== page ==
Made from local Quahog Shell along the beaches of Cape Cod. They were ethically collected and no animals were killed for their shells.
Wampum is a traditional shell bead or Cabochon jewel of the Eastern Woodlands tribes of American Indians. It includes the white shell beads fashioned from the North Atlantic channeled whelk shell and the white and purple beads made from the quahog or Western North Atlantic hard-shelled clam. It was used by the northeastern Indian tribes as a form of gift exchange, and the colonists adopted it as currency in trading with them. Eventually, the colonists developed more efficient methods of producing wampum, which caused inflation and ultimately its obsolescence as currency.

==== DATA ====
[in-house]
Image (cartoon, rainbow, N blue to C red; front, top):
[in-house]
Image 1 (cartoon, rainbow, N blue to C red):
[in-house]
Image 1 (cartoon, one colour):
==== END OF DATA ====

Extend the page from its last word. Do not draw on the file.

Wampum was often kept on strings like Chinese cash. Before European contact, strings of wampum were used for storytelling, ceremonial gifts, and recording important treaties and historical events, such as the Two Row Wampum Treaty. According to the Onondaga Nation, the wampum is a living record and has many uses. These can include inviting a person to a meeting, showing title, and showing that a speaker is truthful. At the Treaty of Niagara in 1764, at least 84 wampum belts were exchanged.